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Review: 2003 Maserati Spyder

PHOTO (select to view enlarged photo)

PHOTO (select to view enlarged photo)

By John Heilig


MODEL: Maserati Spyder (Coupe) ENGINE: 4.2-liter V8 HORSEPOWER/TORQUE: 390 bhp @ 7000 rpm/330 lb-ft @ 4500 rpm TRANSMISSION: Six-speed manual with Cambiocorsa option WHEELBASE: 96.1 in. (104.7 in.) LENGTH x WIDTH x HEIGHT: 169.4 x 71.7 x 51.4 in. (178.1 x 71.7 x 51.4 in.) STICKER PRICE: $90,015 for GT, $93,215 for Cambiocorsa ($84,025 for GT, $87,225 for Cambiocorsa)

Maserati is depending on the strength of its new Spyder and Coupe to fuel its return to the American market, and if the opinions of the auto journalists who drove the car recently mean anything, it's solid fuel.

The Spyder was introduced in March 2002 and the Coupe in May. Since then, more than 450 have been delivered to customers, with 75 percent being the Spyder (convertible) and 25 percent the sleek fastback coupe.

Both cars were designed by Giugiaro, and are built by Ferrari. The lines of both cars are smooth with no extraneous scoops or bubbles. We received applause from a group of Legg Mason stockbrokers who were headed out to lunch when we drove past. The only feature that I questioned was a faux scoop on the trailing side of the coupe's top, where the original Mustang fastback had a real scoop. For example. It looked unnecessary. And like the Jaguar XK, the Spyder in profile looks a lot like a Mazda Miata, but that proves the essence of good design.

Maserati has gone through a turbulent past since its founding in 1914 by the five Maserati brothers in Bologna, Italy. The first street cars were produced in 1926. Ten years later, the brothers sold the company to the Orsi family, who moved it to Modena. The company was run by deTomaso until 1993, when it was purchased by Fiat. Giovanni Agnelli, head of Fiat, decided in 1997 that Maserati should be taken over by Ferrari, and the company's resurgence began at that time.

Both Maserati models are powered by a 4.2-liter V8 engine that develops 390 horsepower. Both also use a six-speed transmission, but it is the actuation of those gears that is interesting. A straight manual is offered, but the cars we had an opportunity to drive had what Maserati calls Cambiocorsa transmissions.

Cambiocorsa is similar-to-nearly-identical to the shifters used in Formula 1 racing. Paddles are located behind the steering wheel to shift up (right paddle) or down (left paddle). There is a learning curve to remember how to shift into neutral and first, for example, but once you've been in the car for a short while the shifting is effortless. The car even "double clutches" on downshifts - automatically. Cambiocorsa is also adaptive, so if you choose to drive the car hard, it will shift hard for you. If you just poke along, it will poke along with you.

There's also an "auto" mode that can be actuated by a button on the center console. This puts it in automatic mode, although Maserati won't admit to having an automatic transmission. Again, the transmission adapts to your driving style, and upshifts and downshifts at appropriate points. The indicator on the dash that tells you what gear you're in with the paddles, also indicates which gear you're in with the "auto" mode, something you don't get with Tiptronic-style shifters. Maserati also claims that Cambiocorsa is faster than Tiptronic.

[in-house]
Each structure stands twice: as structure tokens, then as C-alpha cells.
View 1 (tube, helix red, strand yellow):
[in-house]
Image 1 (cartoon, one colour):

To get into reverse, there's a small shifter in the console. It almost appears too small, but it's very similar to the shifter in a Ferrari, so I guess it's okay.

With 390 horses under the hood, there's no question that the Maserati is powerful. The Coupe can attain a top speed of 177 mph, while the Spyder is slightly slower. Both speeds are unattainable in normal driving in the U.S.

The driver and front passengers it in individual power buckets that are extremely comfortable. Normally, a car seat takes some time to become accustomed to, but the Maserati seats were comfortable as soon as I sat in them. Even when we switched drivers and passengers, we could get into the other person's settings and feel good.

The Spyder is a two-seater, but the Coupe is a true four-seat coupe. Rear seating has adequate legroom for two passengers, and the Public Relations Manager offered that he had ridden in the back seat from Washington DC to New Jersey with no problems.

The trunks of both cars are small, a mere 10.6 cubic feet in both cars. We were told, however, that two golf bags will fit in the trunk, because they tested it. Obviously, people who buy Maseratis are going to want to take their cars to the country club, so they'd better hold clubs.

Maserati uses what it calls a Skyhook automatic damping system. With this system, the shock absorber adjustments are altered in real time based on the driving conditions and smooth out rough portions of the road. Skyhook also provides for a firm ride that isn't going to give you kidney problems later. Even though our ride took us over some rough roads, there was minimal input to the passenger compartment.

While neither car can be considered inexpensive, compared to the Ferraris they will share showroom space with, they're bargains. The Spyder GT has a list price of $90,015, with Cambiocorse adding $3,200 to that price. The Coupe GT is $84,025, with the same $3,200 additional for Cambiocorsa. Personally, I'd choose the Cambiocorsa Coupe.

© 2002 The Auto Page Syndicate